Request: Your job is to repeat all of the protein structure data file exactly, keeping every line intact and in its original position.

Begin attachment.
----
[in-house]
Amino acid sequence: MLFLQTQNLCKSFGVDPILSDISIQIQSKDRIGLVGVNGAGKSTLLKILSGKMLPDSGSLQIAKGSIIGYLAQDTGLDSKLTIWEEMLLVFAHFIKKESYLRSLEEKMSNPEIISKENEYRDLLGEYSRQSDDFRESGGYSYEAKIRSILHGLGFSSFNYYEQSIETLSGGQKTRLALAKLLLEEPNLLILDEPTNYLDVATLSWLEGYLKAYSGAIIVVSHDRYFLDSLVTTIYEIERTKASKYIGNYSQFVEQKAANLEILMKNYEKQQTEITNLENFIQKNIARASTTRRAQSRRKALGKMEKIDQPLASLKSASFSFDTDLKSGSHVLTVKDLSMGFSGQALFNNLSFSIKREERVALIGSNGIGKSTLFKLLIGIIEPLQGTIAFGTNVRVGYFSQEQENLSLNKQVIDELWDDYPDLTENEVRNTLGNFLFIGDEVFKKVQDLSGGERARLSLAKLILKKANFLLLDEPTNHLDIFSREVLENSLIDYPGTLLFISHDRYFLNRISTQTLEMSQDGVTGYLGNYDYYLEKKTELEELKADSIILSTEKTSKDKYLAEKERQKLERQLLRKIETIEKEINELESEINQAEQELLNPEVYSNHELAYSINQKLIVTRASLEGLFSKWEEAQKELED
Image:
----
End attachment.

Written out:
[in-house]
Amino acid sequence: MLFLQTQNLCKSFGVDPILSDISIQIQSKDRIGLVGVNGAGKSTLLKILSGKMLPDSGSLQIAKGSIIGYLAQDTGLDSKLTIWEEMLLVFAHFIKKESYLRSLEEKMSNPEIISKENEYRDLLGEYSRQSDDFRESGGYSYEAKIRSILHGLGFSSFNYYEQSIETLSGGQKTRLALAKLLLEEPNLLILDEPTNYLDVATLSWLEGYLKAYSGAIIVVSHDRYFLDSLVTTIYEIERTKASKYIGNYSQFVEQKAANLEILMKNYEKQQTEITNLENFIQKNIARASTTRRAQSRRKALGKMEKIDQPLASLKSASFSFDTDLKSGSHVLTVKDLSMGFSGQALFNNLSFSIKREERVALIGSNGIGKSTLFKLLIGIIEPLQGTIAFGTNVRVGYFSQEQENLSLNKQVIDELWDDYPDLTENEVRNTLGNFLFIGDEVFKKVQDLSGGERARLSLAKLILKKANFLLLDEPTNHLDIFSREVLENSLIDYPGTLLFISHDRYFLNRISTQTLEMSQDGVTGYLGNYDYYLEKKTELEELKADSIILSTEKTSKDKYLAEKERQKLERQLLRKIETIEKEINELESEINQAEQELLNPEVYSNHELAYSINQKLIVTRASLEGLFSKWEEAQKELED
Image: